• Abstract: Disciplinary depictions using the core-periphery distinction are often premised on a ‘blurred’ and/or monolithic understanding of the core. For instance, the ‘core’ is often conceptualized broadly to include Western Europe and North America, or narrowly to refer to just the United States. Simultaneously the corresponding disciplinary self-images often refer to the core and the periphery as fixed and homogenous entities, which overlook the often diverse tendencies and hierarchies within the predefined space. This article therefore seeks to highlight the changing geographies of the core/periphery distinction in order to reveal the presence of different cores because there are different core properties. What this means is that the ‘core’ can appear in surprising spaces and occupy geographies that are normally associated with the periphery. In order to specifically illustrate certain workings and reach of the ‘core’ within spaces typically conceptualized as ‘peripheral’ this article will draw on existing data and research. The resultant empirical sketch will show how the ‘core’ is able to extend its reach and produce further epistemic hierarchies within peripheral spaces. In locating IR’s different cores and their hidden geographies this article aims to destabilize the core-periphery distinction in order to move beyond this disciplinary and disciplining archetype.
  • Topic: International Relations, Academia, Periphery
  • Political Geography: Global Focus
  • Author: Deepshikha Shahi
  • Publication Date: 07-2020
  • Content Type: Journal Article
  • Journal: All Azimuth: A Journal of Foreign Policy and Peace
  • Institution: Center for Foreign Policy and Peace Research
  • Abstract: The ever more global character of today’s International Relations (IR) is no longer satisfied with one-sided stories about how things have gone with either the West or the non-West. Rather, the ongoing discussions on Global IR persuade both the West and the non-West to squarely unfold their own narratives. As the theories and practices of contemporary international relations have remarkably acquired a ‘Global’ impetus, a lot of premium is being put on a ‘dialogic approach’ – that is, an approach to Global IR that insists upon a deeper two-way communicative-action between the West and the non-West. Although the dialogic approach to Global IR seeks to resolve a wide range of cognitive differences between the West and the non-West, it more often than not remains thwarted by a few unsettled contestations: (i) History vs. Philosophy, (ii) Chronology vs. Covariance, (iii) Language vs. Concept, (iv) Culture vs. Economy, and (v) Single vs. Plural. This paper sets out to shed light on these unsettled contestations in an endeavour to intellectually improve the prospects of a dialogic approach to Global IR.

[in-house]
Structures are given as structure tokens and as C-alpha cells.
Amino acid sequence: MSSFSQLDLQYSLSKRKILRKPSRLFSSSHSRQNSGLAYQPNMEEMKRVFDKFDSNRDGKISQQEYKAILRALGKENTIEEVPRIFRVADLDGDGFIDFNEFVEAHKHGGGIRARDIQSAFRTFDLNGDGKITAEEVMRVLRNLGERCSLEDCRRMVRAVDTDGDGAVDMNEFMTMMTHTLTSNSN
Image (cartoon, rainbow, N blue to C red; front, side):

• Topic: International Relations, Academia, Eurocentrism, Dialogue
  • Political Geography: Global Focus
  • Author: Erik Ringmar
  • Publication Date: 07-2020
  • Content Type: Journal Article
  • Journal: All Azimuth: A Journal of Foreign Policy and Peace
  • Institution: Center for Foreign Policy and Peace Research
  • Abstract: The idea of the sovereign state is at the core of the Western understanding of international politics. If we are serious about coming up with non-Western theories of international politics, it is the state that must be questioned. This article suggests some ways in which this can be done. Only once we have unthought the state can we reconstruct international politics as a more equitable, and peaceful, world order.
  • Topic: International Relations, Politics, Sovereignty, State, Ottoman Empire, Pan-Africanism
  • Political Geography: Global Focus
  • Author: Hayriye Asena Demirer
  • Publication Date: 12-2019
  • Content Type: Journal Article
  • Journal: All Azimuth: A Journal of Foreign Policy and Peace
  • Institution: Center for Foreign Policy and Peace Research